Film and Death On Ice: The Viking (1931)
Just over a week ago the St. John’s harbour, and much of the eastern shore was crowded by sea ice. This invasion is a reminder of the tumultuous relationship that the island has with the great bergs and floes which pass it by. Ice is undoubtedly one of the focal points of Newfoundland tourism. Its rare beauty makes it a mainstay on the province’s postcards. However, it has also been the cause of many disasters off our coast, from the Titanic to the SS Newfoundland. In light of the recent berg-blockade, it is fitting to tell a lesser known disaster on the ice, and the film which was born out of the chilling arctic seascape. It is a story which stretches from Hollywood to the coast of Labrador; however, it has largely been forgotten despite accomplishing a notable first in the Hollywood film industry, and holding a disastrous record which stands to this day.
In the late 1920s Paramount Pictures advanced 100,000 dollars to make a dramatic adventure film off the coast of Labrador called The Viking. This might seem like a strange setting for a Hollywood picture in the era of Douglass Fairbanks and Buster Keaton. However, executives had become enamoured with a documentary about the seal fishermen of Newfoundland and Labrador by a young filmmaker, and adventurer named Varick Frissell. Frissell was a native of New York City who had become obsessed with seeing the world, and making films from an early age. His wealthy parents furnished him with a camera (a rare toy in the early 20th century) and the funds necessary for a life of discovery and excitement. At the time, the outlet for many Americans seeking out stark and vast landscapes was Labrador.
As the Documentary White Thunder (2002, NFB) on the life of Frissell notes, Labrador was the United States’ arctic, a unique vacation for those who could afford to visit it. After hearing a lecture on Labrador by Sir Wilfred Grenfell at Yale university, Frissell knew that this was the place where his love for filmmaking and adventure could be satisfied. His first film, The Lure of Labrador (1928), documents his journey down the Hamilton River. His accomplishments on this trip include the discovery of the wild river of Aboriginal legend, now called the Grenfell river. It was also the first time that the “grand falls” of Labrador had been captured on film. Even after making this film, and another called The Great Arctic Seal Hunt (1928) about Labrador, Frissell felt that he still had not fully captured his northern muse. He travelled to Hollywood to seek the funding necessary to turn his second documentary into a feature length film. After seeing his work, excited executives at paramount agreed to finance the film. However, the desired that it not be a documentary, but instead, tell a story in the epic style that was in fashion.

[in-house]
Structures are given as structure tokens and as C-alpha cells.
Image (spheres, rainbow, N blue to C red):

Frissell hired accomplished director George Melford and cinematographer Alexander Penrod, and took on the position of producer for himself. Their picture would be the first to have sound and dialogue captured on location in a Hollywood feature, and the first sync-sound picture to be produced in Canada. However, this feat is far outshone by the visuals of the film. In an unforgettable scene Frissell captures a mix of actors and local fishermen jumping between sheets of ice, occasionally falling between the cracks, as the ocean churns beneath them. Occasionally swells surge into the frame, completely eclipsing the distant men. Theses shots are, in a word, terrifying. The film will leave you with a host of new phobias, a greater appreciation for the dangerous lifestyle of the sealers of Newfoundland and Labrador, and for the lengths to which Frissell was willing to go to capture the austere beauty of Newfoundland and Labrador. The Viking shows us a part of this province and its history which many are not aware of, and sights which we might never get to see.
Frissell completed filming for The Viking in 1930, and a cut of the film was shown in a nickel theatre in downtown St. John’s. However, Frissell was unsatisfied with the result. Always the documentarian, he felt that the movie needed more footage capturing the arctic seascape. Frissell and film crew set out again on the sealing vessel the SS Viking. He, along with many of the crew and sealers, would never return from this voyage. Near the Horse Islands, just north of the Baie Verte Peninsula, the Viking became trapped in ice. An explosion on board the vessel, which was loaded with dynamite for icebreaking, blew the ship in two pieces. 29 men were killed, including Frissell and the cinematographer Penrod. The disaster still stands as the largest loss of life in the history of filmmaking.
Despite the fatal accident, the picture was released in 1931, with an added introduction by Sir Wilfred Grenfell, the man who had inspired Frissell to capture Labrador on film. In it, Grenfell describes the passion of Frissell for documenting the land that was dear to both of their hearts. In the years that followed all the reels of The Viking were lost. It was not until the 1960’s that a copy of the film would be found in Quidi Vidi village. The film has recently been uploaded to YouTube in its entirety, and in 2002 was the subject of the documentary White Thunder by filmmaker Victoria King. As 2017 looks to be an incredible year for iceberg sightings, with many already crowding the eastern shore, the story of The Viking and its crew is a pertinent reminder of the dangers, and beauty of sea ice.